• The idea that images of people or objects can tell the same story reminds me of ideas that I have considered in previous parts of the course. In Exploring the Field, the use of attributes to identify people in medieval paintings and sculpture and, in work for Outside the Box, about memories and the possessions we keep that are meaningful to us.
  • Relate this to work done on memories – about the idea of objects that define us. Experiment with a limited palette – play with idea of memories fading or changing over time.
  • Consider what isn’t shown. Does leaving something out convey its presence more? Think about this in relation to ongoing work on memories.
  • Sketchbook – think about composition – cropping, close-ups.
  • In the studio – try test pieces on unstretched canvas.
  • Play with cropping once piece completed.
  • Try to produce a painting within a day. What effect does the imposed timescale have on the work?

Images [External links open in new tab]

Tuymans, L. (1986) Gas Chamber [Painting] (Accessed on 16.09.18)

Tuymans, L. (1992) Silent Music [Painting] At: (Accessed on 16.09.18)

Tuymans, L. (1992) Fingers [Painting] At:  (Accessed on 16.09.18)

References [External links open in new tab]

Aliaga, J. V. (2003) ‘In conversation with Luc Tuymans’ In Loock and Aliaga. Luc Tuymans. London: Phaidon Press. 2nd rev. ed. pp. 8-31

Earnest, J. (2016) ‘In Conversation with Luc Tuymans’ In: 11.07.16 [online] At: (Accessed 24.08.18)

Gayford, M. (2004) ‘Banal on Top, Toxic Underneath’ In: 07.06.04 [online] At: (Accessed on 24.08.18)

Spector, N. (2003) ‘The Unforgiving Trace’ In: Loock and Aliaga. Luc Tuymans. London: Phaidon Press. 2nd rev. ed. pp. 94-101

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Judy Watson – Research Notes

During my research into aboriginal art I came across an article about Judy Watson and a description of the way that she works. A number of areas of her work resonated with me as they seemed to mirror some of the thoughts I had been having in relation to my work for Outside the Box, Part 3 of the course. These included:

  • The use of layers
  • Mapping of both an external and internal landscape
  • Using canvas in a way that is more akin to textiles

Watson is influenced by the experiences of her great-grandmother in north-west Queensland and, more widely, the life of indigenous people and the effect of colonialism on their lives. Often, she uses impressions from the actual landscape such as rubbings and incisions and includes these in her work. She also uses natural materials found in a place and colours the canvas while it is laid wet on the ground allowing this to help shape the initial layers on the canvas. Her paintings are not framed but either hung on the wall or laid on the floor.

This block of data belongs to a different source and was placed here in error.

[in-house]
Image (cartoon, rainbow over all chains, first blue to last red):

Internal Landscape (1993) [External link – opens in a new tab]

There are a number of things that appeal to me in this painting. The gold powder in the centre is like an aerial view of a landscape. There appears to be a wash of a dark earth colour beneath this. Beside the gold, to the left, is a ghostly image of a spear associated with the Riversleigh Station where Watson’s grandmother was born. Layered across the canvas is a pattern of white ripples dotted with black. As you look more closely the idea of an aerial view fades a little and it is more like seeing objects submerged in water. The ripples become fish, or are they? Button-like circles seems to pin down the vertical edges of the canvas.

I like the subtleness of the painting and the way that Watson uses techniques from more traditional aboriginal art but in a very individual and reflective way. The different layers, of colour and objects, mean that the image seems to offer something new to consider the more that you look at it.

Deadly Bloom (1997) [External link – opens in a new tab]

This is another unframed canvas using pigment and pastel on canvas. What I like here is the free form use of the pigment and pastel and the vibrancy of the colours. This is something I would like to explore particularly in relation to work that I did for Part 2 of the course regarding stains. I have been considering how to move this forward and the ways in which Watson uses different mediums is something that I intend to explore further and experiment with.

Notes for Studio Practice

  • Consider ways to create/use layers
  • Think more about idea of external/internal landscape
  • External landscape – ways to bring this into the painting – rubbings (Dada?), using site-specific materials
  • Work with canvas more experimentally – think of it as a textile
  • Experiment with pigments, pastels and staining

Related Posts

Aboriginal Art –

Practical Exercise 4 – Artwork – Picnic –

Practical Exercise 1 – Stains – Initial Exploration –


Watson, J. (1993) Internal Landscape. [Painting] At: (Accessed on 06.06.18)

Watson, J. (1997) Deadly Bloom. [Painting] At: (Accessed on 06.06.18)


Willsteed, T. (ed.) (2004). Tradition Today: Indigenous Art in Australia. Sydney: Art Gallery of New South Wales